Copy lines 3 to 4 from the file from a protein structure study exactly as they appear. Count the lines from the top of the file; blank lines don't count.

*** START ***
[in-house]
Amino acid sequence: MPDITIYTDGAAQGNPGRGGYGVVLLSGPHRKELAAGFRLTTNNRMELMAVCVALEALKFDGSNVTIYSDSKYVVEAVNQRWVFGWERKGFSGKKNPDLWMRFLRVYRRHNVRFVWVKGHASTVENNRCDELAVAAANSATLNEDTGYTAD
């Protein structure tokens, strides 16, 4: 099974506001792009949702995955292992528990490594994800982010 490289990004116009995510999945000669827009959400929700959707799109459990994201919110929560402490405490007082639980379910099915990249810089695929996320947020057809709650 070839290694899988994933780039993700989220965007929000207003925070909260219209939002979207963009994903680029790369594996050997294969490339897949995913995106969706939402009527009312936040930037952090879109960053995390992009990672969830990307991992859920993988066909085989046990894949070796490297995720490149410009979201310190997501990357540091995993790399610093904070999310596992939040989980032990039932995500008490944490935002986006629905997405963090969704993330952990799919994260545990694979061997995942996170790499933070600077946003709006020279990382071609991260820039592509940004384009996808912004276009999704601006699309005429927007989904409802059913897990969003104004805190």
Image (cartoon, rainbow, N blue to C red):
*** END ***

């Protein structure tokens, strides 16, 4: 099974506001792009949702995955292992528990490594994800982010 490289990004116009995510999945000669827009959400929700959707799109459990994201919110929560402490405490007082639980379910099915990249810089695929996320947020057809709650 070839290694899988994933780039993700989220965007929000207003925070909260219209939002979207963009994903680029790369594996050997294969490339897949995913995106969706939402009527009312936040930037952090879109960053995390992009990672969830990307991992859920993988066909085989046990894949070796490297995720490149410009979201310190997501990357540091995993790399610093904070999310596992939040989980032990039932995500008490944490935002986006629905997405963090969704993330952990799919994260545990694979061997995942996170790499933070600077946003709006020279990382071609991260820039592509940004384009996808912004276009999704601006699309005429927007989904409802059913897990969003104004805190």
Image (cartoon, rainbow, N blue to C red):